But it also warned that 75 per cent of Angul’s new coal mines risk becoming obsolete by 2050 if India moves towards net-zero emissions by phasing out coal through efforts to limit global warming to 1.5 degrees Celsius under the 2015 Paris Agreement.
Angul’s administrative head, Siddhartha Shankar Swain, said the area was moving into a phase of deep coal production, but added that when a new mine opens “it comes with a closure date”.
“It is not just about afforestation or how to close mines safely, but about people involved in the mining sector, their social security,” he said, adding that current considerations include how to repurpose the land and expand solar electrification.
The district is consulting with technical experts in water table management and the environmentally friendly restoration of closed mines too.
“Coal is expanding here and we are looking at just transition,” Swain added. “It is a tightrope walk, but both are the need of the hour: we need coal for energy sufficiency and a just transition plan for the future.”
Entrepreneurs, meanwhile, have been invited to set up businesses to process food and manage plastic and textile waste, tapping a social fund created with royalties from mining companies - which has been used to provide the skills training.
Set up in 600 districts across 21 states, the district mineral funds - which have more than 500 billion rupees for projects ranging from education to sustainable work in places impacted by mining - have been poorly utilised, campaigners say.
In Angul, the fund has been used for the first time to train people such as Prasad from communities that have been affected by the mining industry - be it pollution or having to move home.
Another coal hub, Ramgarh in Jharkhand state which is experiencing a slowdown in its coal sector is planning cottage industries and training people in apparel-making and pottery.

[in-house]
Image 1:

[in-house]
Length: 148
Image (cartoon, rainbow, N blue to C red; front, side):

But there are few takers for these courses, said Santosh Patnaik, who manages programmes aimed at securing a just transition for the non-profit Climate Action Network South Asia.
“As long as coal is there, it will be difficult for other industries to start in these regions,” said Patnaik, who travelled to Ramgarh recently.
Discussions v reality
Meetings are being held in India with researchers, bringing coal companies and labour unions together to discuss the impact of mine closures on workers and local economies.
The federal coal ministry has included a socially fair shift away from coal in its mission plan for this financial year.
That makes planning for a green and fair transition challenging in districts set for a bounty of coal employment, researchers said.
Surveys in Angul showed mining remains the preferred bet for local people, said Stalin Nayak, founder of non-profit PanTISS, which works with mining-affected communities in eastern India and runs the training programme in Angul that helped Prasad.
“They are most interested in getting skilled in operating heavy equipment as it fetches the best salary in coal mines,” he said. “Coal is a reality for them - renewable energy a dream.”
Sanjay Sharma, CEO of the Skill Sector Council for Mining, an autonomous government body, said locals were reluctant to move to other states for work and wanted jobs close to home.
“Those who are hungry today need work today. They are not thinking of what happens 15 years later,” he said.
This story was published with permission from Thomson Reuters Foundation, the charitable arm of Thomson Reuters, that covers humanitarian news, climate change, resilience, women’s rights, trafficking and property rights. Visit http://news.trust.org/climate.